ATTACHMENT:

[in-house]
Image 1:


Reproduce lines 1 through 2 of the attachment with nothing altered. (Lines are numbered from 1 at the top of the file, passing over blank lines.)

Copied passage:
[in-house]
Image 1: